Finding Forgiveness: 5 Ways to Heal, Forgive and Move Forward
We sit on a worn couch. It's red, or maybe burgundy, and sprinkled with cat hair. The culprit, Luvy, expertly weaves her way through my legs and purrs as I absentmindedly scratch behind her ears. T offers us juice, and then dessert, and then water before finally settling in on her recliner in the corner.
"Tonight, we'll be discussing forgiveness."
For a moment, I ease back into my seat, prepared to listen, but contribute little; I don't struggle with forgiveness — I've always been an expert at making my peace, closing the door and moving on. I scan the sheet of relevant Bible verses and try to conjure up past incidents of hurt. Many seem from another time altogether — the grief hazy; the once devastating injuries softened.
And then, without warning, I'm trampled by the unforgiven elephant in the room. It's the reason I'm currently attending weekly therapy sessions, focusing my time & energy on healing, and a member of this Bible study in the first place. I think of the disbelief, the betrayal, and the anger that feels sharp and new each time it bubbles up. I think of the number of times each week that I furiously think, "F*ck, [redacted]" or wake up in a cold sweat, or daydream, immaturely, of an entire building being swept away in a flood.
T slightly raises her eyebrows as I suddenly jump to attention. I open my journal and join, somewhat guiltily, in our beginning prayer. After weeks of learning, reading, hoping and praying, here are the 5 ways to forgive, heal and move forward, that I've learned so far:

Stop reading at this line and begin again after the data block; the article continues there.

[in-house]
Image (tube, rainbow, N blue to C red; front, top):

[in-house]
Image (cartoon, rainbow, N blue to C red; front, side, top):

1. Practice Being Present
Remind yourself that the betrayal and hurt aren't happening in the here and now. What happened is in the past. And as momentarily satisfying as it is to think of the should've, could've, would'ves of the situation, you have to realize that it's done + over.
In full transparency, this is the most difficult step for me. I frequently indulge in flashbacks of what happened, allow myself to feel new anger about old situations, and sometimes even get angry about what might've happened (i.e., made-up scenarios fueled by my frustration). When I feel this way, I make a present moment list.
In short, I take a few deep breaths and list out everything happening in the present moment in order to bring myself back to reality. I am in my apartment in Atlanta, GA. I am in my living room. I can feel the carpet beneath my bare feet. I can feel the couch beneath me. It is Saturday. I can hear construction workers outside. I continue building up the list until that flashback-fueled anger has subsided.
2. Repeat a Mantra
Yes, we're going to get a little froufrou and hippie and free-spirited here and go the mantra route. Why? Because it works. You know how when you were a kid and blubbering after being punished, you'd repeat some arbitrary phrase to yourself over and over, and it somehow made you feel better? (e.g., "It's just not fair. It's just not fair.") Well, the same tactic comes into play here. When you repeat something to yourself, no matter how bizarre or unachievable it seems, you start to believe it. And while I've never considered myself a big mantra person, after I started incorporating a few, I felt a difference in my energy, levels of anger and ability to forgive, so I'm sharing it with y'all.
My personal mantras about forgiveness are:
This will not always affect me in this way. I will heal and find peace.
I am growing. I am learning a lesson and becoming stronger because of it.